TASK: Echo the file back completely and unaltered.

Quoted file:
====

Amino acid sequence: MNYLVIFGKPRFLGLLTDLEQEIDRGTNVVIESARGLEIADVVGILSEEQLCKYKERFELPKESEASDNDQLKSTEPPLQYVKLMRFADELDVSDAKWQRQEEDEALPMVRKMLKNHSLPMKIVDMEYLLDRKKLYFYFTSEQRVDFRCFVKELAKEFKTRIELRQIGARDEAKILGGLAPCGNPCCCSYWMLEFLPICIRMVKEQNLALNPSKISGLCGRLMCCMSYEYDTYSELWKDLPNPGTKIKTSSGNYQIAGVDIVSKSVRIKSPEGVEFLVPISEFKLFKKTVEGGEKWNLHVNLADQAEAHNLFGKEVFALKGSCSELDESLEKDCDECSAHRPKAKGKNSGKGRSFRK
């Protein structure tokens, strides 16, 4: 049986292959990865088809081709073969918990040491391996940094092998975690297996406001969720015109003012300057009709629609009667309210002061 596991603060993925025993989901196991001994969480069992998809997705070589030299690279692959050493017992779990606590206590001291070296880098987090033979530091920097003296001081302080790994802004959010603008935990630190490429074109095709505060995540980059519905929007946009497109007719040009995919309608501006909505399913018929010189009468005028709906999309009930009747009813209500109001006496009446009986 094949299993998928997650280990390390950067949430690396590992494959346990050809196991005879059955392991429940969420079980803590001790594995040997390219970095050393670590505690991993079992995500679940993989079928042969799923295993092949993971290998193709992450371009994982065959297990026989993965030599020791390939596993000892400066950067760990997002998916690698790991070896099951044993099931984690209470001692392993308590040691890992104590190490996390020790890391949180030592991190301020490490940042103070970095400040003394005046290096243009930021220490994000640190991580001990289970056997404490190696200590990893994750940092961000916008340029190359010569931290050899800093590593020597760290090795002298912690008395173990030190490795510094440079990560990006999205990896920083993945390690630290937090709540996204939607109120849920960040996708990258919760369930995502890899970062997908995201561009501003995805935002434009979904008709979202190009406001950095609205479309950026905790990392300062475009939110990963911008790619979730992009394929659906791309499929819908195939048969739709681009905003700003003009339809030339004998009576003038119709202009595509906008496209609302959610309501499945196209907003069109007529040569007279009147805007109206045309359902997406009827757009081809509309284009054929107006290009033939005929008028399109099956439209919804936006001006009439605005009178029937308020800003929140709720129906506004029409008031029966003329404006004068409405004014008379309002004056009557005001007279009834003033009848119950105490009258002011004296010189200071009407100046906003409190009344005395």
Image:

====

Amino acid sequence: MNYLVIFGKPRFLGLLTDLEQEIDRGTNVVIESARGLEIADVVGILSEEQLCKYKERFELPKESEASDNDQLKSTEPPLQYVKLMRFADELDVSDAKWQRQEEDEALPMVRKMLKNHSLPMKIVDMEYLLDRKKLYFYFTSEQRVDFRCFVKELAKEFKTRIELRQIGARDEAKILGGLAPCGNPCCCSYWMLEFLPICIRMVKEQNLALNPSKISGLCGRLMCCMSYEYDTYSELWKDLPNPGTKIKTSSGNYQIAGVDIVSKSVRIKSPEGVEFLVPISEFKLFKKTVEGGEKWNLHVNLADQAEAHNLFGKEVFALKGSCSELDESLEKDCDECSAHRPKAKGKNSGKGRSFRK
């Protein structure tokens, strides 16, 4: 049986292959990865088809081709073969918990040491391996940094092998975690297996406001969720015109003012300057009709629609009667309210002061 596991603060993925025993989901196991001994969480069992998809997705070589030299690279692959050493017992779990606590206590001291070296880098987090033979530091920097003296001081302080790994802004959010603008935990630190490429074109095709505060995540980059519905929007946009497109007719040009995919309608501006909505399913018929010189009468005028709906999309009930009747009813209500109001006496009446009986 094949299993998928997650280990390390950067949430690396590992494959346990050809196991005879059955392991429940969420079980803590001790594995040997390219970095050393670590505690991993079992995500679940993989079928042969799923295993092949993971290998193709992450371009994982065959297990026989993965030599020791390939596993000892400066950067760990997002998916690698790991070896099951044993099931984690209470001692392993308590040691890992104590190490996390020790890391949180030592991190301020490490940042103070970095400040003394005046290096243009930021220490994000640190991580001990289970056997404490190696200590990893994750940092961000916008340029190359010569931290050899800093590593020597760290090795002298912690008395173990030190490795510094440079990560990006999205990896920083993945390690630290937090709540996204939607109120849920960040996708990258919760369930995502890899970062997908995201561009501003995805935002434009979904008709979202190009406001950095609205479309950026905790990392300062475009939110990963911008790619979730992009394929659906791309499929819908195939048969739709681009905003700003003009339809030339004998009576003038119709202009595509906008496209609302959610309501499945196209907003069109007529040569007279009147805007109206045309359902997406009827757009081809509309284009054929107006290009033939005929008028399109099956439209919804936006001006009439605005009178029937308020800003929140709720129906506004029409008031029966003329404006004068409405004014008379309002004056009557005001007279009834003033009848119950105490009258002011004296010189200071009407100046906003409190009344005395």
Image: